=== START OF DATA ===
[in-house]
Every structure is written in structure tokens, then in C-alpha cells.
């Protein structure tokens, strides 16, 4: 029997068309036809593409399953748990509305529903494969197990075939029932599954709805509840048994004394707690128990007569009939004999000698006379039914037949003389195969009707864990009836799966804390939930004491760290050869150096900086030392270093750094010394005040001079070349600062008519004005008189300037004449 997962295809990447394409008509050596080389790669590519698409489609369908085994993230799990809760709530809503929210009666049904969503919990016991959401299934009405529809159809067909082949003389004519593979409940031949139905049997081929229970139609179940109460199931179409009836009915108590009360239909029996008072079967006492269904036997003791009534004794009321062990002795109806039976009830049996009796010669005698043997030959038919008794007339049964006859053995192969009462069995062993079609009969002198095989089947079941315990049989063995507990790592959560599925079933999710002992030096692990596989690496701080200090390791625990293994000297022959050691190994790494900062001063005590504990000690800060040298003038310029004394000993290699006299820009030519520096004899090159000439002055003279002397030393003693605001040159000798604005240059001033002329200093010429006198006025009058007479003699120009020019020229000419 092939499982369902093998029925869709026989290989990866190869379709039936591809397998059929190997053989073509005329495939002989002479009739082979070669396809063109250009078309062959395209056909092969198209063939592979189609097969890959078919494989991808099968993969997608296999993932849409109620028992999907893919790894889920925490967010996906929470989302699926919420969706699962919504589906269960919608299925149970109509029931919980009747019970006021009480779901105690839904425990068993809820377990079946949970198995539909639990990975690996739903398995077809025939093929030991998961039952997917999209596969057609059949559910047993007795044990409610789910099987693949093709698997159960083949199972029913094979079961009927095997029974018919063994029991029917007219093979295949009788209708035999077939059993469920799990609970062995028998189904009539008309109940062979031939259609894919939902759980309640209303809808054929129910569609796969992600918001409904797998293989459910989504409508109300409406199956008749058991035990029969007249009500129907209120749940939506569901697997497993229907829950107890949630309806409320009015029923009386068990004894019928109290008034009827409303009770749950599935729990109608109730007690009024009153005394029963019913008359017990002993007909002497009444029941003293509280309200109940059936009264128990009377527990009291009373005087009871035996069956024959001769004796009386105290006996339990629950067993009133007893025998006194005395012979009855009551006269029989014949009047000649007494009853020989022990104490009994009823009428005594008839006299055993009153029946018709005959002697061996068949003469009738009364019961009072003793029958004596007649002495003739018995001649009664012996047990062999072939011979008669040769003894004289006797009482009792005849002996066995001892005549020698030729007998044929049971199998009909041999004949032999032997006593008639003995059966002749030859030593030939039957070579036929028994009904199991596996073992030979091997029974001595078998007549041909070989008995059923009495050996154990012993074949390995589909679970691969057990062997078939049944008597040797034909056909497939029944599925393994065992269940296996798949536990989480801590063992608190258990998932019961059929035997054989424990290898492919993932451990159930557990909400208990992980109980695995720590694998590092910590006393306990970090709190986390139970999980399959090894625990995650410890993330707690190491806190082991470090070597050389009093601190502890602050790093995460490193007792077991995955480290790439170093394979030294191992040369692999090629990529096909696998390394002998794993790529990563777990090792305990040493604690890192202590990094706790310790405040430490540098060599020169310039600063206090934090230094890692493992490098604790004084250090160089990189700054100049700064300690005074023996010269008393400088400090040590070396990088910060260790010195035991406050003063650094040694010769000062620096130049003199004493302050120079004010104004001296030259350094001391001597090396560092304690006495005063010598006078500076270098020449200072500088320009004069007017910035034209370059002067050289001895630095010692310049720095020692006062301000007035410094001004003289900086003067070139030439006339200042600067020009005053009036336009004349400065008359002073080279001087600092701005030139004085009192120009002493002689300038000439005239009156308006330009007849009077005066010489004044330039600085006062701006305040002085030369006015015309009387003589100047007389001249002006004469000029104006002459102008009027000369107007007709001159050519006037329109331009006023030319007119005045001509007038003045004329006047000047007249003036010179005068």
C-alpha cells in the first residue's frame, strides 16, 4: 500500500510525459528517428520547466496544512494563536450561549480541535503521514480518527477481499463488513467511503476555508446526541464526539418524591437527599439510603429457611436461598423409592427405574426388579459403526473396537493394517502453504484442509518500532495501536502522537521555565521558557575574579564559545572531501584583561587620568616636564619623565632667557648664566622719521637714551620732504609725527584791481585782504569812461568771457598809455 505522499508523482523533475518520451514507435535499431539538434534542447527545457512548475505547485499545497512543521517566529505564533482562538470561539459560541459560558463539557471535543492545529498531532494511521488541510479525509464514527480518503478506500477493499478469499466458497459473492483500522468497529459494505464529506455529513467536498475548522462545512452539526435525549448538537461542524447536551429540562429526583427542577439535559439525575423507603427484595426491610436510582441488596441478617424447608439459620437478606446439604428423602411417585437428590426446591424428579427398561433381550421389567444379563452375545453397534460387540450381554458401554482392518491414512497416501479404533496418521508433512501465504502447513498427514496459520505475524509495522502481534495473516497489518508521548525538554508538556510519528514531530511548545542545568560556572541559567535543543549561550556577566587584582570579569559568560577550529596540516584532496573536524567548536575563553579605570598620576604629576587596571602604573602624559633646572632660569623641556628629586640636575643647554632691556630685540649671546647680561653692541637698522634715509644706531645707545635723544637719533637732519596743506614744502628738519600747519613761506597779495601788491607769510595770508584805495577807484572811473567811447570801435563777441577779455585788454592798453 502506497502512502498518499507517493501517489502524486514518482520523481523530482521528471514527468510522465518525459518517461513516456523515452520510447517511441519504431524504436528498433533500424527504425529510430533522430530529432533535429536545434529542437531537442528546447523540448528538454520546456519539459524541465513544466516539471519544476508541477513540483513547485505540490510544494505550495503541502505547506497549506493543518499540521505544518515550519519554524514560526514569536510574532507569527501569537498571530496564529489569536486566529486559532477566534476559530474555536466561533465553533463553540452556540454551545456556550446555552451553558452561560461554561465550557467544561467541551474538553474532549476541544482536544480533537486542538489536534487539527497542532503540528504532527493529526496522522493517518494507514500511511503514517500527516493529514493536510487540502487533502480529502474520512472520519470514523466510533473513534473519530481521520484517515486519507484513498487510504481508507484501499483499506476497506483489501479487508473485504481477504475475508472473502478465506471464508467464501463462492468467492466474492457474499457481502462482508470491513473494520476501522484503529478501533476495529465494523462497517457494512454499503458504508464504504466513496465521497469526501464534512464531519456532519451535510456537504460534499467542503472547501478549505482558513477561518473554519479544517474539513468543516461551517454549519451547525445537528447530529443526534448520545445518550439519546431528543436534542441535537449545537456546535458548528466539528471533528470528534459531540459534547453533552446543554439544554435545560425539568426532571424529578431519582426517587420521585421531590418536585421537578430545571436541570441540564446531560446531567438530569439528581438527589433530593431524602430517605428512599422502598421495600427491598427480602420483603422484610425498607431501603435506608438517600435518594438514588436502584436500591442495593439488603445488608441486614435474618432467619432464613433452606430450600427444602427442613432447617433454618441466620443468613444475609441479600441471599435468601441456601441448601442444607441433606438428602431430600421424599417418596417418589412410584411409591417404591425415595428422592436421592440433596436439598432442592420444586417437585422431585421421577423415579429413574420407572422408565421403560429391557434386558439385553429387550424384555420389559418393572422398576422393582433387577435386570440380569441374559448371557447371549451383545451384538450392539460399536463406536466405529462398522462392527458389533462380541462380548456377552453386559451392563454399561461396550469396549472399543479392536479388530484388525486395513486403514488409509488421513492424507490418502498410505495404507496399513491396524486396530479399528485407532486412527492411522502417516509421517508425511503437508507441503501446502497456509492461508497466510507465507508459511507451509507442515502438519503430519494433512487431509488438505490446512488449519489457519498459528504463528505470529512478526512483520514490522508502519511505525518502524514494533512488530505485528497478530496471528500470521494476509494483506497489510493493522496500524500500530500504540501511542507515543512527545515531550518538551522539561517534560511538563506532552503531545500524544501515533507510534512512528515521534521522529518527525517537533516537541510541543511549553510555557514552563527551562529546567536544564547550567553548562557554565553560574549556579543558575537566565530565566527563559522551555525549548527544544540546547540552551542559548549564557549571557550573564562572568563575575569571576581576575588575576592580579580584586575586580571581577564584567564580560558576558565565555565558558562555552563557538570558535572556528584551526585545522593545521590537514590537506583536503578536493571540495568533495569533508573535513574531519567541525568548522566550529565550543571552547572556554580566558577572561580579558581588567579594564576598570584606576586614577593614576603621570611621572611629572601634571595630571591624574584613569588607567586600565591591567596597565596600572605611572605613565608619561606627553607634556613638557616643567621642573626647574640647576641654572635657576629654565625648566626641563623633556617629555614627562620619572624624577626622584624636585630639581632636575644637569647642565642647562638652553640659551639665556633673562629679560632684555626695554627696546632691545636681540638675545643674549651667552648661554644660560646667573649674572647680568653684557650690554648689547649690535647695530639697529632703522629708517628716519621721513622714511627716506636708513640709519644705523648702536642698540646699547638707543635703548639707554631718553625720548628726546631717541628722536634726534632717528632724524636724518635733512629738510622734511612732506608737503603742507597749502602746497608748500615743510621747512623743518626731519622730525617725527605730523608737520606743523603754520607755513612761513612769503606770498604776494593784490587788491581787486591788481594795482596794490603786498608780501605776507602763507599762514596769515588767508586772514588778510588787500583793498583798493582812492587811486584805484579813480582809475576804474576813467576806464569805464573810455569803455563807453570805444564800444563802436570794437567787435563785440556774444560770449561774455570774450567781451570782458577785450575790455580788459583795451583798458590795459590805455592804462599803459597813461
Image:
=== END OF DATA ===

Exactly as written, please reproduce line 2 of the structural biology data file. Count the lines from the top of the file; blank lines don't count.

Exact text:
Every structure is written in structure tokens, then in C-alpha cells.